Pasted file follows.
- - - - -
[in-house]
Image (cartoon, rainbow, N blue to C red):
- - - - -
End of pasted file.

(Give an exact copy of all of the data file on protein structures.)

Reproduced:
[in-house]
Image (cartoon, rainbow, N blue to C red):